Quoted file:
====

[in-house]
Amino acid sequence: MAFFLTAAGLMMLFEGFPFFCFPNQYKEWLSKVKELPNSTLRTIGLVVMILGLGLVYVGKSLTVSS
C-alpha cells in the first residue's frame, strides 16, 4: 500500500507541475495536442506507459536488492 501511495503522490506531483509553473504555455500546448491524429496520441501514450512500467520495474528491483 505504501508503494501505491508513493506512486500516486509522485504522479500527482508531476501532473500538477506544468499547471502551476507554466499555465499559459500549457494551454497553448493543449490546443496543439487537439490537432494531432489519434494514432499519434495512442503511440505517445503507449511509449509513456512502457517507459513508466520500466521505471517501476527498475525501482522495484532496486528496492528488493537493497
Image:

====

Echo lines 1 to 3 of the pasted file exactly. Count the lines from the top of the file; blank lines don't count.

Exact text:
[in-house]
Amino acid sequence: MAFFLTAAGLMMLFEGFPFFCFPNQYKEWLSKVKELPNSTLRTIGLVVMILGLGLVYVGKSLTVSS
C-alpha cells in the first residue's frame, strides 16, 4: 500500500507541475495536442506507459536488492 501511495503522490506531483509553473504555455500546448491524429496520441501514450512500467520495474528491483 505504501508503494501505491508513493506512486500516486509522485504522479500527482508531476501532473500538477506544468499547471502551476507554466499555465499559459500549457494551454497553448493543449490546443496543439487537439490537432494531432489519434494514432499519434495512442503511440505517445503507449511509449509513456512502457517507459513508466520500466521505471517501476527498475525501482522495484532496486528496492528488493537493497